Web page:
Attorneys for Arizona's former Maricopa County Sheriff Joe Arpaio on Monday asked the court to dismiss his case and vacate his conviction for contempt, now that he has been pardoned by President Donald Trump.
The move would essentially erase a federal district court judge's guilty verdict against Arpaio for contempt of court after he defied a federal court order to stop arresting individuals solely because they may be in the country illegally, which the court found to be unconstitutional racial profiling.
Arpaio's legal team on Monday asked the court to vacate the conviction and dismiss the case permanently before his scheduled October 5 sentencing and before the Supreme Court convenes in September. Arpaio had appealed his case to the Supreme Court.
Trump granted Arpaio a full and unconditional pardon last week in the case, effectively nullifying the court's finding. The 85-year-old former sheriff lost his run for a seventh term in 2016.
Attorneys for Arpaio argued that because the former Maricopa County Sheriff was pardoned before he could exhaust all of his appeals, his case is rendered moot. But because the case is moot, Arpaio cannot pursue an overturning of his conviction. Thus, his only avenue is to have the court vacate it.
Arpaio faced up to six months of jail time.
Trump's decision to pardon Arpaio has been widely criticized, including by prominent members of his own party. House Speaker Paul Ryan said through a spokesman that he "does not agree" with the move.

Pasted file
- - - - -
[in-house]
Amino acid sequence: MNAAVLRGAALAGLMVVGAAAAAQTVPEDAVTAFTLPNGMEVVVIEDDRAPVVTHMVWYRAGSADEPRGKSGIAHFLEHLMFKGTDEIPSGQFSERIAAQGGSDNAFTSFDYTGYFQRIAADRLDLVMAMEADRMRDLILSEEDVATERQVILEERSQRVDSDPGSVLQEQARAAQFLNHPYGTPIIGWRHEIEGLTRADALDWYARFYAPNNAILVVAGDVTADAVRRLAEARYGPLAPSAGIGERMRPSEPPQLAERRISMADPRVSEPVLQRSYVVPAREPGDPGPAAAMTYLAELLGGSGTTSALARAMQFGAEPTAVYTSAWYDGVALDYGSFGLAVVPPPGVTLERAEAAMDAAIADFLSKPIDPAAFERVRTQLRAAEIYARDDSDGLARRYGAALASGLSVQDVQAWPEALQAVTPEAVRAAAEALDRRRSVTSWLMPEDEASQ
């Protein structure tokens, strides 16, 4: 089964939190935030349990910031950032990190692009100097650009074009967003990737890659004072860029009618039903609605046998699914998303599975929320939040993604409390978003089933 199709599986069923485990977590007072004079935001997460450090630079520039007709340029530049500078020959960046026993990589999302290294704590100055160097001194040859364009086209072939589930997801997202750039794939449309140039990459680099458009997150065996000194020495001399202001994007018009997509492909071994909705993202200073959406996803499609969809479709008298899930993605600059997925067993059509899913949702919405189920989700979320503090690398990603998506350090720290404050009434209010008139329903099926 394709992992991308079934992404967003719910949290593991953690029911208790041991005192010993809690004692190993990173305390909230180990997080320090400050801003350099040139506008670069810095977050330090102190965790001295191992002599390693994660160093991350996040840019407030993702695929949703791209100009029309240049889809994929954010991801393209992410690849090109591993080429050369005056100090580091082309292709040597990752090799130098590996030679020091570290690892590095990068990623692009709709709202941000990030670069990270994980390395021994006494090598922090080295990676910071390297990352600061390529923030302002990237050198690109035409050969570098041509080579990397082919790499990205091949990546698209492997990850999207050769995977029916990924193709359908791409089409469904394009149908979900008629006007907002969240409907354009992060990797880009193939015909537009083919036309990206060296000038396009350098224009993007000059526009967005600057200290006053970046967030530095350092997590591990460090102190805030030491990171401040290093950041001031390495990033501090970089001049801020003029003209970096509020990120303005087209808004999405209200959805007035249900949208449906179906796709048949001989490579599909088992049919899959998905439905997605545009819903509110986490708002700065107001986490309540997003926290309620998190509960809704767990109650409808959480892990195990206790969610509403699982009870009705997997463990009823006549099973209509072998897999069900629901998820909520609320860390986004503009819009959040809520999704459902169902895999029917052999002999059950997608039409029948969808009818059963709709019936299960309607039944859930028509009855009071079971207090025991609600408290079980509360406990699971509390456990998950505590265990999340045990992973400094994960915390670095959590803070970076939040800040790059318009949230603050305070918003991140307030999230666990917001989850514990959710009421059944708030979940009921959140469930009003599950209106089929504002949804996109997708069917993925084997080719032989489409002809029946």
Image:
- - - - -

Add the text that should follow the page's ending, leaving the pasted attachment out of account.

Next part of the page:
Arizona's senators, both Republicans, also criticized Trump for interfering with the judicial process.
The timing of the pardon was also questioned, with Trump making the move late on a Friday as a catastrophic hurricane was bearing down on Texas.
But the move was also seen as a nod to the President's base. Arpaio was known nationally for his tough stance on crime and especially illegal immigration -- and was an early adopter of unfounded "birther" conspiracy theories about former President Barack Obama's birthplace, aligning him closely with Trump.
Arpaio's conviction was a decade in the making.
In a case first filed in 2007, US District Court Judge G. Murray Snow found that Arpaio was unconstitutionally detaining people based on a belief they were in the country illegally, rather than suspicion of a crime. The first order to stop conducting such detentions was in 2011.
But Arpaio refused to comply and spoke openly about defying the court. In 2013, Snow issued a permanent injunction against the sheriff's office, ruling Arpaio had no authority as a non-federal official to pursue immigration violations.
In her July 31 order this summer finding Arpaio guilty of criminal contempt, US District Judge Susan Bolton noted Arpaio's open talk of his defiance.
"Not only did (Arpaio) abdicate responsibility, he announced to the world and to his subordinates that he was going to continue business as usual no matter who said otherwise," Bolton wrote.